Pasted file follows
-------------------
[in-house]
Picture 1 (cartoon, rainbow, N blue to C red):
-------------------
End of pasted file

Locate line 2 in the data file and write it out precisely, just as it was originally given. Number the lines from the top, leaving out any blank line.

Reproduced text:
Picture 1 (cartoon, rainbow, N blue to C red):